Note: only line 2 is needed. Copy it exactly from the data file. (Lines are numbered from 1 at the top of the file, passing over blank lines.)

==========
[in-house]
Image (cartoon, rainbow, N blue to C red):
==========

Image (cartoon, rainbow, N blue to C red):